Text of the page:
These days, I’m spending nearly all my time doing, researching and reading decolonial, intersectional feminisms. But since my work is now firmly situated in cultural studies rather than literary studies, all the fiction reading I get done tends to be escapist, white mystery literary production. You know, novels that don’t press my work button. While this is usually fine with me, because I do need a break sometime, it also means that a lot of great works pass me by. One such book is Ink by Sabrina Vourvoulias, which I actually only stumbled on in my search for a library copy of Jewelle Gomez’ The Gilda Stories (the depressing state of German libraries, especially small-town libraries!).
Vourvoulias is a Latina activist, journalist, novelist and the managing editor of Al Día News. In Ink, published with CrossedGenre Publications, she takes up current immigration politics in the US and puts a dystopic spin on an already catastrophic reality. In a near future, Latin@s with a recent immigration history are marked by a biometric tattoo and collectively come to be referred to as Inks. The novel begins as the law to ink is passed and the policing and control of inked people begins with curfews and English-only ruInkles and spirals from there. Having grown up in Guatemala for the first 15 years of her life, these methods come from Vourvoulias’ lived experience. Ink is further animated by magical realism and the mystic, all the characters have some kind of magic, not that this provides them with a neat way out. The story is told by four characters with different relationships to Inks, and so far this narrative situation works amazingly well to show how racial hierarchies and privilege are negotiated as well as expose the way that the various characters work to uphold or challenge the system.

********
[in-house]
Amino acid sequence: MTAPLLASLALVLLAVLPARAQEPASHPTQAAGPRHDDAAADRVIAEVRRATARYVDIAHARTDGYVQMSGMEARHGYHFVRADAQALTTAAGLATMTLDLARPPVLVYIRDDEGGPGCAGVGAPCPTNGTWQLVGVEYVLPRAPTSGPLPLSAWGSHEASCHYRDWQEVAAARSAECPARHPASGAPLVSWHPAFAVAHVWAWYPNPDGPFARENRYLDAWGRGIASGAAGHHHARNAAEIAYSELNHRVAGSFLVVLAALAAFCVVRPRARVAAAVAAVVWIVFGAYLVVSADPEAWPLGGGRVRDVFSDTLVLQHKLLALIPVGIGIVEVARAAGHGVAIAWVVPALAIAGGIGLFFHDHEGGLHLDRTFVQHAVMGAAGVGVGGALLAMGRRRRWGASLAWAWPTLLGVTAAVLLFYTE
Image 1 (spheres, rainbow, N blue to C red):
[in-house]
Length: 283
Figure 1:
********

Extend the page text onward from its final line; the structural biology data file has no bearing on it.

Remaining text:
I’m so glad I found this work, I had to share even though I’m only halfway through. It’s probably a great read for anyone interested in women of color speculative fiction and social commentary. Ink is highly political and it is scarily easy to picture the path from current experiences of the undocumented to Vourvoulias’ warning vision of the future. But working aspects of Latina folklore and mythologies into the story, Ink foregrounds the healing power of community and memory and provides a counterpoint to the dominating dystopic future.